I'm a self-diagnosed perfectionist.
I think that's what it means when you uncover some kind of crazy truth about yourself without the help of a medical professional. I've struggled with believing I was good enough in various facets of my life for a number of years. The time I've spent overanalyzing decisions I've made, outfits I've worn, things I've said, people I've shared my time with, situations I've been in, and obstacles I've faced completely baffles me. If I'm being honest... I'm ready to be done with that shit.
As one self-diagnosed individual does, I have determined that I require a specific course of action to help curb the progression of this perfectionism. The easiest form of therapy would be to simply say, screw it and move on every time I find myself doubting my "ENOUGH-NESS." Unfortunately, that course of action is probably akin to looking at a Nicorette patch without the intent of placing it on one's skin. I can also confirm that this strategy would not be practical for this individual given my ability to think about things far longer than the average human should be able to mull things over.
I think the most appropriate course of action is actually self-realization. When I find myself criticizing the fabulous woman in the mirror, I simply need to take a moment to remember what I know to be true about myself:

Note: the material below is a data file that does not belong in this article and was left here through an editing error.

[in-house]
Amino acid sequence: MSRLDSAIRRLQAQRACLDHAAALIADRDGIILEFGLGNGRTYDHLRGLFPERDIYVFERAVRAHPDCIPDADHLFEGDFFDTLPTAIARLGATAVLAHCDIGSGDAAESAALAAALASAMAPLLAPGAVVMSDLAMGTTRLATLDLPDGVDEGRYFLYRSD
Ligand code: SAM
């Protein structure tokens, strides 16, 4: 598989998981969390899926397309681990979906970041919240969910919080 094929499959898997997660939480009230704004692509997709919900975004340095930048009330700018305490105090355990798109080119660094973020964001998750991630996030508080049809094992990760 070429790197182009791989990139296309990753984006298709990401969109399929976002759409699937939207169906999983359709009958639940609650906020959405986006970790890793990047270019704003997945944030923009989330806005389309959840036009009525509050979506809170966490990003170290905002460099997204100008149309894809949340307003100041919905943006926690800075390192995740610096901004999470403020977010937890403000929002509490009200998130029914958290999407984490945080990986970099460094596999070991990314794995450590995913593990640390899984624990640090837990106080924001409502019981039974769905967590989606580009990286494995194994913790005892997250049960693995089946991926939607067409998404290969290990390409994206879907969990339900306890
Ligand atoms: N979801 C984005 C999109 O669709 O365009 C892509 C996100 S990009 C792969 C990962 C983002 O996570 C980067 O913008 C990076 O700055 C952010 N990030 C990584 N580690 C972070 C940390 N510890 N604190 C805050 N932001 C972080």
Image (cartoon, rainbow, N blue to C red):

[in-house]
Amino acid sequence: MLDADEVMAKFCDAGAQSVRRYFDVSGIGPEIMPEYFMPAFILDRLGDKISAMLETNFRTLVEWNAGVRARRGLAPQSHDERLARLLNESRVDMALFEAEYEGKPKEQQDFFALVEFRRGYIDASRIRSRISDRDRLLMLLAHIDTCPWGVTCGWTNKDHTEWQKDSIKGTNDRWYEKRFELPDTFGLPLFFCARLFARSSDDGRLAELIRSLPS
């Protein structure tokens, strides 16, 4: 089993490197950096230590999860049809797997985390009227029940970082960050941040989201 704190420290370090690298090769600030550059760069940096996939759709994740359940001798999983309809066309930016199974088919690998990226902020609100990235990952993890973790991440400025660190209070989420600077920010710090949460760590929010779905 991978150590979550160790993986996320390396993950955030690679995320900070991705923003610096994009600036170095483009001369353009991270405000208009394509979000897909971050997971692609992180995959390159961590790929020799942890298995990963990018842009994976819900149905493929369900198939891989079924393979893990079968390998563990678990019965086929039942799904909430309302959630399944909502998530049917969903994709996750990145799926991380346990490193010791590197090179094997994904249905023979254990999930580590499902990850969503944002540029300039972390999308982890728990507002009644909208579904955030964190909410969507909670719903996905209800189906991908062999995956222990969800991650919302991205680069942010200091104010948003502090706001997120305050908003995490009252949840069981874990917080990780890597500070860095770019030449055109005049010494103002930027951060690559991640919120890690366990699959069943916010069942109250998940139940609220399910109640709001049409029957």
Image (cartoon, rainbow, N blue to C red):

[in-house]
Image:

1. My worth is innate. No one can tell me who I am or what I am worth. Only I can determine that.
2. I recognize that no person who contributes to me feeling less than I am worth is not someone I will chose to spend time with. Sorry people... if your presence in my life is causing me to feel crappy, I'm cutting you out. Life is too short for me to worry about what you think.
3. In conjunction with that, I also know it is absolutely impossible for me to make everyone happy. Despite nearly 30 years of attempting this... I'm giving up. It's not going to happen, so I'm going to focus on my one obligation... Me.
4. Life has blessed me with some truly beautiful people that I can confide in when I need it.
5. Perfectionism is not a disease... it's a flaw and I'm flawed and that's okay.
It's all just a part of this journey to growth, gratitude and grace, right!?
Stay Sweet, Friends~